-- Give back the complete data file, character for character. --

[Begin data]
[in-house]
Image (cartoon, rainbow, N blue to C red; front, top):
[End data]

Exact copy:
[in-house]
Image (cartoon, rainbow, N blue to C red; front, top):